causes one to consider how eternally divine vs. contextually pragmatic that doctrine of prophetic infallibility was and is. (and maybe there isn’t much difference between eternally divine and contextually pragmatic??)

    another irony for me is that in some ways believing that the prophet could lead me or the church astray suddenly invites me to be much more anxiously engaged in seeking personal revelation and studying the prophets words more earnestly and prayerfully. it’s possible that this pragmatic doctrine that was introduced in a specific context stifles the very independent seeking and faithful inquiry that the brethren and the scriptures seem to require of us.

  34. If the discourse of the fallibility of church leadership became more widely circulated, accepted and even correlated, would we be open to a kind of institutional repentance? acknowledging where we as the church body may have deviated? Much like the children of israel often did and had to acknowledge their missteps individually and as a collective?

  35. The children of israel had to repent individually, but it was still Moses, and his chosen successor Joshua who led them into the promised land. Whatever weaknesses the leaders have in the church I believe that it is still through them that we will be led to Zion.

  36. JTB – The difficulty you describe in 9 is exactly the problem. It’s not that the members won’t take you at your word (because they shouldn’t), but that they aren’t seeking and receiving personal confirmation. It is my belief that accepting prophetic fallibility stimulates more personal seeking of such confirmation.

  37. I’m only 21, and I really like the idea of God using me to help bring people unto Christ despite the follies of my youth. :D But the topic I find most important to address is the fallibility of the church. I think the main issue is that people think the church is perfect because it was restored by Joseph Smith. And in result they not only overlook the mistakes of Joseph Smith, but do not understand that we do not yet have the full glory of our father in heaven. We are to go from glory to glory, until we receive all that the father has. Likewise the glory of the latter house shall be greater than the former. Is this not true? How then can we say we are perfect as a church when we only have a form of glory, a form of the law, and a form of understanding of scriptures? We cannot say this! Especially since we can learn from D&C 10:67-68, as well as the parable of the body, that people are the church. Thus concluding that if people are the church, the church is only as perfect as the people. Thus also making the statement “the church is perfect, but the people are not” a lie from the devil to catch us in a snare. So I conclude that the prophet and apostles teach with great confidence what they believe to be perfect, overlooking the fact that they do not fully understand God. And in so doing do they become full of pride, and as they are full of pride their teachings become of themselves and not God. But what then? Does this mean they are not apostles and prophets and that we should not learn from them? God forbid! But let us pray for them, as well as the whole body of the church to come where God wants us to be. Knowing this first: EVEN when the worlds appears to be spinning out of control….God is sitting on the throne at all times. Everything happens for a reason, even so that we may learn from our mistakes and become more like God. :-)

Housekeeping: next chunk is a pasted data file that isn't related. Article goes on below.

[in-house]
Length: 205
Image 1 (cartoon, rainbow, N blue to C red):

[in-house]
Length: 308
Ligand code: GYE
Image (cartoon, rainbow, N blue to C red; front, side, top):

38. One of my roommates, a convert of about 2 years, was seriously dating a guy who asked her what she would do if the prophet at General Conference asked all of the members to do something she wasn’t currently doing. (something like that) She said she would pray about it and if it felt right, she would do it. He told her that was the ‘wrong answer’. If the prophet asked her to do it, it was the same as if God asked her to do it and she would never even need to pray about it. She was dumped and was completely befuddled as to why.

    We are told that when a new prophet is called, we can pray and ask God if he is the prophet. However, once that same prophet speaks, we’re not allowed to ask God anymore?

  39. 36. I agree that I want nothing more than for people to go to the Lord for their own personal confirmation and to get personal revelation. I have found that those who don’t think I am receiving revelation are those who won’t seek for a confirmation but dismiss it out of hand.

    38. I think that the prophet would agree that its a good thing to ask for personal confirmation.